TODAY: Houck will indeed undergo back surgery next week, Cora confirmed to WEEI.com’s Rob Bradford and other reporters. The current expectation is that the right-hander will be ready for the start of Spring Training.
SEPTEMBER 2, 3:37pm: After meeting with another specialist, Houck will likely undergo back surgery, Cora announced to reporters (Twitter link via MassLive.com’s Chris Cotillo).
11:35am: What the Red Sox hoped would be a fairly short-term injury for righty Tanner Houck could actually prove to be a season-ender. Houck, who was placed on the 15-day injured list in early August due to lower back inflammation, has yet to resume baseball activity, and manager Alex Cora tells reporters there’s a “good chance” he could miss the remainder of the year at this point (link via MassLive.com’s Chris Smith). Houck met with a back specialist yesterday, and there will be more information on his outlook in the near future.
Houck was diagnosed with a disc issue in his back not long after being placed on the injured list, and while he was slated to throw a bullpen session earlier in the week, that didn’t happen due to continued discomfort. Cora, Smith notes, said he was not sure whether Houck would require surgery to address the issue.
Prior to his injury, Houck had stepped up as a key late-inning option for the Sox, going 8-for-9 in save opportunities and adding a hold along the way. Since a May 15 shift to the bullpen, Houck has pitched to a pristine 1.49 ERA with a 22.6% strikeout rate, a 7.5% walk rate and a huge 58.2% ground-ball rate in 36 1/3 innings. Houck, John Schreiber, Garrett Whitlock and Matt Strahm have been Boston’s most reliable bullpen arms in 2022, though Whitlock has also spent time in the rotation and Strahm and Houck have now both missed substantial time due to injury.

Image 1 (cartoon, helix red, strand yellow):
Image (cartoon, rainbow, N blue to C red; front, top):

The 26-year-old Houck has long rated as one of the better prospects in the Red Sox organization, and through parts of three big league seasons, he’s demonstrated the reasoning behind that evaluation. The 2017 first-rounder has tallied 146 big league innings, dating back to 2020, and carries a 3.02 ERA with a strong 27.6% strikeout rate, a roughly average 8.7% walk rate and an above-average 49.3% grounder rate. He’s worked both as a reliever and as a starter, finding success in both roles (3.22 ERA as a starter, 2.66 as a reliever).
While this wouldn’t be the manner in which the Sox hoped to see his first full big league season end, Houck has largely solidified himself as a key piece of the team’s long-term plans — whichever role he ultimately occupies. Houck will finish this season with one year and 100 days of Major League service time, giving him five additional seasons of club control (and another two years before he even reaches arbitration).
The Sox will see Nathan Eovaldi, Michael Wacha and Rich Hill all reach free agency at season’s end — Wacha recently told the Globe’s Peter Abraham that he’d “definitely like to” re-sign in Boston — which could create a potential rotation vacancy for Houck. At the same time, there’s plenty of fluidity in the relief corps, particularly with Strahm also set to reach the market as a free agent. Houck could help stabilize the bullpen as well. That flexibility is a boon for the front office as they look to revamp the staff this winter, broadening the options they can explore both via free agency and trade.